July 18, 2012, 5:14 am
My usual short bike ride in San Francisco — about 25 minutes starting from my home near Dolores Park — is to head northwest via the Wiggle to Golden Gate Park, on to the Concourse between the California Academy of Sciences and the De Young Museum, and loop back home. Along the way, there’s a series of monuments which I read as an index of our civic preoccupations from, say, the last quarter of the 19th century, into the first quarter of the 20th.
At the gateway to the gateway to the park, so to speak, the east end of the Panhandle, a robed bronze figure, massive but reserved in her grief, holds up a palm branch in memory of President McKinley.
Just inside the park proper, on the right, McLaren Lodge, headquarters of SF Park and Rec, remembers John McLaren, father of the park. It’s a heavy Romanesque affair in tan stone — I believe there’s a meeting room inside…
October 27, 2009, 11:44 am
Robert Arnesen’s egghead sculptures are a prominent feature of the UC Davis campus. I learned only recently that one was duplicated for an installation in San Francisco.
Reproductions of Arneson’s Yin and Yang Eggheads appear along the Embarcadero, situated together just east of the Justin Herman Plaza fountain, across from the Port of San Francisco Ferry Building. The sculpture was dedicated in mid-December. A plaque recognizes it as a reproduction of one in a series of five acrylic-on-bronze sculptures commissioned for UC Davis.
A native of Benicia, Arneson taught ceramics at UC Davis from 1962 to 1991. His Egghead sculptures were created for specific campus locations and were installed during 1991-94. The original Yin and Yang Eggheads sit outside the UC Davis fine arts complex courtyard, where they were positioned by Arneson himself shortly before his death in 1992.
September 22, 2009, 9:41 am
I once saw Joel Garreau give a talk in which he promised (promised!) that brick-and-mortar stores would soon be gone (gone!) because everybody (everybody!) would be doing all their shopping online. Big boxes, especially, were dinosaurs (dinosaurs!), he claimed. And one of the major challenges facing urbanists would be what to do with the empty shell of the discarded consumer landscape after all of the consumers had moved to Internet. Garreau told his rapt audience that this process of creative destruction would take less than a decade.*
That was eleven years ago. And Davis’s gigantic new Target, a palace to hyper-modern consumer culture, is slated to open in less than a month.
Which is a roundabout way of saying that I’ve long had doubts about the idea that online education will spell the death of brick-and-mortar colleges and universities. But this article, coupled with the…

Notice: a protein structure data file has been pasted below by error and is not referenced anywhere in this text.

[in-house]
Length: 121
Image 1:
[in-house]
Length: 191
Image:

August 22, 2009, 5:07 pm
Atrios points us to this Times article, by Jennifer Steinhauer, on the foreclosure crisis in Moreno Valley, out by Redlands in the Inland Empire. It’s inhibited by conventions of the genre, and the interviews seem only to have gone so far, but it’s suggestive — it sketches a picture of the community that took root on one street during the boom years, and the strains that were put on it by the bust.
The neighborly virtues of mutual consideration and assistance seem, in this telling, to go hand in hand with wealth, or with the exclusion of those whose wealth isn’t above a certain bar. For the established residents, moving into this neighborhood, ten years ago, was a move up, and a move away from rougher neighborhoods (El Monte, for example). And as foreclosure pushes some of them out, and the prices of the vacated houses fall to 1989 levels, they seem to fear that rough neighbors like…
August 5, 2009, 2:36 pm
Jane Jacobs’s Death and Life of American Cities remains one of my favorite books ever. I first read it when I was doing research for the final chapter — on the fight over a proposed Mississippi riverfront expressway — of my New Orleans project. At the time, I remember being frustrated that nobody had written a biography of Jacobs, a niche since filled by this book. More annoying, I thought, was Robert Caro’s decision to write Jacobs out of The Power Broker, his evisceration of Robert Moses. Now, apparently, this deals with Jacobs’s relationship with Moses. Hurrah, all is right with the world! And really, if you’ve never read Jacobs, and you like cities at all, you should rush right out to the library.
Oh, the quote is from Jacobs, who, having grown tired of Moses, moved to Toronto for some peace and quiet. There, of course, she remained an urban crusader, fighting bad…